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Carey Nieuwhof is a Canadian pastor that is putting out some GREAT leadership stuff. You should really check out his blog (link to follow). Here are five mistakes that Carey said he made in the area of leadership. He tells you these mistakes so you’re not wasting your time learning the hard way:
Carey writes: Here are five leadership mistakes I’ve made:
1. Pointing out what’s wrong – not what’s right. Many leaders share a trait: they immediately notice what’s right and wrong, and gravitate toward fixing what’s wrong. I’m king of this. And ironically, it motivates me to get better. But it can end up being de-motivating to the people around you. I’ve had to learn to celebrate the wins (there are a ton of them when you look), point out what’s right and high five the team. Only then should you move to what’s wrong. Otherwise you knock the wind out of people. Honestly, this is still a daily discipline with me.
2. Thinking a leader needs to have all the answers. As a young leader, I was afraid people would notice that I was young and didn’t know as much as I should. I took me a few years to become comfortable with saying “I don’t know”. Wish I’d learned that right off the bat. Ironically, people already know that you don’t know. And when you say you don’t know, it actually creates empathy and a better sense of team. Now more than ever, I fully realize how much I have left to learn.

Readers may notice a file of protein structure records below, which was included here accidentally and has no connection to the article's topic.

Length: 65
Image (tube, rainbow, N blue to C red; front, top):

3. Trying to be too original. This characterized my first 7 or 8 years of leadership. I didn’t know you could take what others have done and simply implement it (I’m not talking about plagiarizing sermons or stealing proprietary ideas here – but about ministry models and strategies that you’re free to use). I’d go to a conference and feel I’d need to change something enough to put ‘my spin’ or ‘our spin’ on it. Well, sometimes your spin makes it worse. If you really have an original idea that’s going to change things – use it. But there are smarter people who are further along than you who you can borrow from. And sometimes you just need to give yourself permission to borrow.
4. Using people to accomplish tasks. I’m a task guy. Early on, sometimes I saw people as a means to an end, not an end in themselves. It’s a goal of mine to do what great managers do – not use people to get tasks done, but to get ‘people done’ through tasks.
5. Depending too much on my own strength. Being an A-type personality has strengths and weaknesses. Looking back, I wish I had developed a better sense of team earlier and I wished I had sought out mentors earlier. I’m still also trying to figure out the balance between Jesus’ teaching that human effort accomplishes nothing and that we need to serve and lead with all diligence. I’ll get back to you on that one. Maybe in heaven.
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